Pew’s financial security and mobility project studies the financial well-being of American families and how their balance sheets relate to both short-term financial stability and longer-term economic mobility. The initiative builds on Pew research that shows savings and assets are key to moving up the economic ladder, both within a lifetime and across generations. The project will next be exploring how family financial decisions, including those related to savings and assets, influence financial security and mobility.
Why Economic Mobility Matters
For more than two centuries, economic opportunity and upward mobility have formed the foundation of the American Dream, and they remain at the core of our nation's identity. As policy makers seek to foster equality of opportunity, it’s critical that their decisions be informed by a robust and nonpartisan fact base on economic mobility.
Factors that Help or Hinder Economic Mobility
Economic mobility is influenced by a variety of factors including education, neighborhoods, savings, and family structure. Pew also strives to understand differences in mobility by income, race, and gender.
How We Conduct Our Work
Pew conducts research on economic mobility to inform policy makers and the public debate. We look at questions such as: How do children's opportunities to achieve the American Dream compare to those of their parents? To what extent is mobility affected by wealth, gender, race, and education? How do people’s mobility prospects differ depending on where they live?
Our WorkView All
This study demonstrates that women's increased labor force participation and earnings have enabled some families to maintain their places on the economic ladder or, particularly among families at the bottom, to move up. But, as was the case for many women in the previous generation, men's earnings continue to matter most for families' income and economic mobility. Read More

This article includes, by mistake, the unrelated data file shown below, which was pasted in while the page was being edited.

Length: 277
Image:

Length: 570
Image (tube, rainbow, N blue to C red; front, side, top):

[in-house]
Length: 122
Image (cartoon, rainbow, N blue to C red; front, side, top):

Economic opportunity and upward mobility have formed the foundation of the American Dream for centuries and remain at the core of our nation's identity. Yet research shows that the ability to move up the economic ladder from one generation to the next is more limited in the United States than many think. Policy can make a difference. A bipartisan group in Congress wants to make sure it does. Read More
In his 1964 State of the Union address, President Lyndon B. Johnson declared an “unconditional war on poverty in America,” urging Congress and all Americans to join him in the fight. The War on Poverty provided unprecedented federal support to combat poverty and created many programs still in existence today, including Medicare, Medicaid, Head Start, and the Supplemental Nutrition... Read More